I'm posting this in January because of the amount of "interesting facts" flying around the internet this time of year. I could have busted 500 nutrition myths with the amount I have read recently on social media but I decided to keep it short and sweet and tackle the top 5 that my clients ask me the most frequently:
Before doing my degree and reading the real hard evidence to bust these myths, I used to believe a few myself, soil you are in that boat I don’t blame you - some of the information you read online is very convincing.
1. If you eat lots of protein you will get “bulky” and look like the hulk.
Females listen up! Lots of protein will not make you bulky, protein does grow and repair muscles and is very important for multiple functions within the body as well as keeping you full for longer and helping with weight loss. Most people don’t eat enough protein, you should have a hand size portion with each meal. You will only build muscle and get “bulky” if you are over eating; eating too much food in general regardless of wether protein or other food groups.
If you eat lots of protein and are still eating the correct amount of food, aka for weight loss or weight maintenance you will keep the muscle you have got, increase your energy levels and lower blood sugar spikes (reduce feelings of tiredness after), feel more satisfied and this may help you lose weight.
2. I need to eat breakfast to lose weight.
Nope, I have multiple clients who are very successful in their weight loss journey who don’t eat breakfast.
However, if not eating breakfast causes you to be very hungry at lunch and choose less healthy options (very common when skipping a meal) or causes you to snack on various snacks at 11am instead, then I would suggest having a satisfying breakfast; some protein, fruit or veg, healthy fats and oats or whole grains.
As long as your calorie intake during the day is below your weight maintenance level and you are in a calorie deficit then you will lose weight regardless of how many meals you are having.
3. Carbs are bad for you.
Carbs will not make you fat and they are not bad for you. Evidence has suggested that a large overindulgence of carbohydrates can cause some people’s body’s to be less sensitive to insulin - the hormone that helps to regulate blood sugar levels.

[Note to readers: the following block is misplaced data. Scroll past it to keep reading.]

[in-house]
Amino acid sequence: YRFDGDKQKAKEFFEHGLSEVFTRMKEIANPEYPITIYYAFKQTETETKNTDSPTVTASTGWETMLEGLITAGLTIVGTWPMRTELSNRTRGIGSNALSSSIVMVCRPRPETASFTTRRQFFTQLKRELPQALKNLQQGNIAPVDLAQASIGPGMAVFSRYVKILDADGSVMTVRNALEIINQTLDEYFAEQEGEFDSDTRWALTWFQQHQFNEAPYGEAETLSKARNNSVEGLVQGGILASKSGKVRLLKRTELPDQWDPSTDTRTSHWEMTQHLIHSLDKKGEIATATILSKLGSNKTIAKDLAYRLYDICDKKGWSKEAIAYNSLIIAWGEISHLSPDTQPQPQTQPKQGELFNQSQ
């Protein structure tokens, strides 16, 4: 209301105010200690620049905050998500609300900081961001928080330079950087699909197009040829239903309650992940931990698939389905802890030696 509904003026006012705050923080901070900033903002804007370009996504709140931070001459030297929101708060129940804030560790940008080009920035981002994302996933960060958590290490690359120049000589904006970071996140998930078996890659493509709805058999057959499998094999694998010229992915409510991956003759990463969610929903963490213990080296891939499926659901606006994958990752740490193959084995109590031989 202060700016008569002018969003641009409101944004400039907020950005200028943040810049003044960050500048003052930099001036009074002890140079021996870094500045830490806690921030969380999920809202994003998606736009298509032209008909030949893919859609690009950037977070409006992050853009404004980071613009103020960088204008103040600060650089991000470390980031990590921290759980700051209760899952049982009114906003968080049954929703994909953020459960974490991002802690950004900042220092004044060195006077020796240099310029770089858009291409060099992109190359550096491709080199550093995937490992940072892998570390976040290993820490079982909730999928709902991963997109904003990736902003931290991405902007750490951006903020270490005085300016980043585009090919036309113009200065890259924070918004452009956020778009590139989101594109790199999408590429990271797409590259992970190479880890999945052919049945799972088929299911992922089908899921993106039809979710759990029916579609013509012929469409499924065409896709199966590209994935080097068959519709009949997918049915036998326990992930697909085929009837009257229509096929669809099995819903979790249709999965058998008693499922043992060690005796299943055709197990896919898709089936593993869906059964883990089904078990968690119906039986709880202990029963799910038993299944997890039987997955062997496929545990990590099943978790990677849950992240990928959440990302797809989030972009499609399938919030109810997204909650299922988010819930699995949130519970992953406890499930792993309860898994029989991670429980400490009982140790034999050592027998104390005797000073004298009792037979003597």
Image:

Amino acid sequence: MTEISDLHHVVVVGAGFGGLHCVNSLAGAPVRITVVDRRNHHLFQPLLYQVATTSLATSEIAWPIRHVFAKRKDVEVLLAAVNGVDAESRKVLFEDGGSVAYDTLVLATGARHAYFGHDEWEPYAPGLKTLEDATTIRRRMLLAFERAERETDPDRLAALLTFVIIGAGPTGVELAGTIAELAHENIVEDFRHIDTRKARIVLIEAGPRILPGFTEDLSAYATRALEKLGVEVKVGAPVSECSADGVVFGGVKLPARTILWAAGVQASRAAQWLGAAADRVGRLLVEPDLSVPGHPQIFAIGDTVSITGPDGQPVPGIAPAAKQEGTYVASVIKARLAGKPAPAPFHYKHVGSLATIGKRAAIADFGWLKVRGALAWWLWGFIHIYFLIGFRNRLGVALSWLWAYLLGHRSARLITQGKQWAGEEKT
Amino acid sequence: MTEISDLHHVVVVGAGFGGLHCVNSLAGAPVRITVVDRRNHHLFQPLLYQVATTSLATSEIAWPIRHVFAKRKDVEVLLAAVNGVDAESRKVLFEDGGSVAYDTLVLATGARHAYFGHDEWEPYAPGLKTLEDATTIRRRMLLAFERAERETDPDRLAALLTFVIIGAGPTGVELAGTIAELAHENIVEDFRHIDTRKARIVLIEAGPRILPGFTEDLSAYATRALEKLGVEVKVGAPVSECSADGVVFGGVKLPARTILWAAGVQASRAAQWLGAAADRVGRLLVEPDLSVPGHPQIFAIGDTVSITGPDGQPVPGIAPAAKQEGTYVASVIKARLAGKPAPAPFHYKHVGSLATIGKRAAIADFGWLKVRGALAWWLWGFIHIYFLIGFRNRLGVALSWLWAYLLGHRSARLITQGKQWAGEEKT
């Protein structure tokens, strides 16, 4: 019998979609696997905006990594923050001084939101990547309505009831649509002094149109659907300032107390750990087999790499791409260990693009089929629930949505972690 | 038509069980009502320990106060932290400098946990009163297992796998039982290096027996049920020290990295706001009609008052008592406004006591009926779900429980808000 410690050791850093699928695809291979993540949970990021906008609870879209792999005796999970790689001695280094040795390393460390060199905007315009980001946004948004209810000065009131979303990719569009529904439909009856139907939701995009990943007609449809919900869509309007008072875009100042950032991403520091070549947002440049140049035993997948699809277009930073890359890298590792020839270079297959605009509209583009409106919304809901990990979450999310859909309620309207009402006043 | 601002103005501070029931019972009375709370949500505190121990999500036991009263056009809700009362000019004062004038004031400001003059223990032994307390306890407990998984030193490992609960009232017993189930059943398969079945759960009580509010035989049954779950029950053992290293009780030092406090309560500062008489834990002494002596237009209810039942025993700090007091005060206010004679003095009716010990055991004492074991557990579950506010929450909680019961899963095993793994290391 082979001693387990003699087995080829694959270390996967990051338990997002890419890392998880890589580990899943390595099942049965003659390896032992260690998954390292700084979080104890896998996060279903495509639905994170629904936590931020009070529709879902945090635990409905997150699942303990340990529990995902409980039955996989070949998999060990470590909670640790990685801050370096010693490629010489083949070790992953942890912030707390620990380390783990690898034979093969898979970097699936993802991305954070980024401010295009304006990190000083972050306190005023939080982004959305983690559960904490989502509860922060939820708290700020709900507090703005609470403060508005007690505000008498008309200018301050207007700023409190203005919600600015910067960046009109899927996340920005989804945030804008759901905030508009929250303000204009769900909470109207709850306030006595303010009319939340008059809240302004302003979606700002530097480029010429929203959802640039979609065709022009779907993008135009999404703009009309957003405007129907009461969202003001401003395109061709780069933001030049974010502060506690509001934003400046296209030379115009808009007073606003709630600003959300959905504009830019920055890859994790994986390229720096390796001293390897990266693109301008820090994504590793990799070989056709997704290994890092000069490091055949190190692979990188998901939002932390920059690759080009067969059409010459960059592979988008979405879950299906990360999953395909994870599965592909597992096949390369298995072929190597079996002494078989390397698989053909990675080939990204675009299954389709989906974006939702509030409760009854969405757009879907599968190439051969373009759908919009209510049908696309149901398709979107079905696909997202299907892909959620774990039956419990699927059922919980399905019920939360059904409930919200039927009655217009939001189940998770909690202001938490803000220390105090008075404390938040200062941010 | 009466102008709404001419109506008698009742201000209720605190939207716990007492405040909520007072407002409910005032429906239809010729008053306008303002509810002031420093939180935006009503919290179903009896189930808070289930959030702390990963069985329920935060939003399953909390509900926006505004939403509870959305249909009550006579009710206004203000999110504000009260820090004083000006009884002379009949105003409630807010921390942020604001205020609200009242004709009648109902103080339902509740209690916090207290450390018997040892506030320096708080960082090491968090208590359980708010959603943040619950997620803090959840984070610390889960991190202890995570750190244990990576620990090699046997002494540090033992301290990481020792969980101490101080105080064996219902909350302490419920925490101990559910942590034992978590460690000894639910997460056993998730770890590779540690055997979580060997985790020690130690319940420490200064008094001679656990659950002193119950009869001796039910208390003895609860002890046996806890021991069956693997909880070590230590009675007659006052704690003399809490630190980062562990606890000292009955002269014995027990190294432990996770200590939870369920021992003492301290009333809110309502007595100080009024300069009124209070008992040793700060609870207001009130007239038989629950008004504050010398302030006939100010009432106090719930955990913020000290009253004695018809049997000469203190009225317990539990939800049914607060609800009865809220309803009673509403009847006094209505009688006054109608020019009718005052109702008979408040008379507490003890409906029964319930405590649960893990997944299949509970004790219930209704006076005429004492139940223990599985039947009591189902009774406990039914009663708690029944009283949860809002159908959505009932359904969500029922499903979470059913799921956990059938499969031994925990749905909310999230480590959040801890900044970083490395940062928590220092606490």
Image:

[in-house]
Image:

In todays society is it very easy to over eat on carbohydrates, especially the processed refined carbs; cake, crisps, chocolate, white bread, chips, sugary drinks. Yes these refined ones are not nutrient dense, are high in calories and are not good for you on a regular basis.
However, whole carbs such as, whole grain bread, brown rice, fruit, vegetables, quinoa, beans and pulses and potato are more nutrient dense and important for the body’s functions especially the digestive system (see some good examples in the photo to the right). These carbs, especially fruit and vegetables should be eaten. Vegetables should be eaten with every meal.
4. Gluten free is healthier.
This is probably the one that irritates me the most! Being very allergic to gluten myself since the age of 10, I can assure you that gluten free products are much less healthy than the gluten version. To try and make gluten free products have similar taste and texture to their gluten counterparts, a lot of salt, sugar, preservatives and artificial products are added to them, which you wont find in the gluten product!
Yes, most people eat too many highly proceeded gluten products which may cause a slight inflammatory response in your digestive system; if you eat toast for breakfast then bread or pasta for lunch and then pizza, pasta or a flour based product for dinner this may be overdoing it for your digestive system. However you should just be cutting down on the processed gluten containing carbohydrates instead of claiming gluten is bad for you and buying gluten free products, switch it for brown rice, buckwheat pasta, rye bread, sweet potato, corn, oats and quinoa.
5. Eating before you go to bed will make you fat.
Again similar to myth number 2, as long as you have the same amount of food throughout the day, regardless of the time you eat it you will stay the same weight or lose weight if you are eating in a calorie deficit (eating less than you are burning).
There has been a small amount of evidence to suggest that if you eat early in the evening you are more likely to increase fat loss if eating in a calorie deficit, however this can be due to multiple factors such as poorer food choices late in the evening when you are tired. So if you do eat later ensure that it is a well balanced meal and avoid snacking on sugary foods before bed.
You will only gain weight if you snack on more food late in the evening, putting you over your calorie maintenance level and into a calorie surplus.
It has also been found that you may sleep better if you don’t go to bed stuffed with a full stomach.
Hope you find these useful, as always, any questions fire them below or drop me a message.
BSc Sports Science, Women’s Fitness Specialist and Personal Trainer